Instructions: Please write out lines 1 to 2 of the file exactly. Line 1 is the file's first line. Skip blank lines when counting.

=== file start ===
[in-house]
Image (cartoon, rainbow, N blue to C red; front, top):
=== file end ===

[in-house]
Image (cartoon, rainbow, N blue to C red; front, top):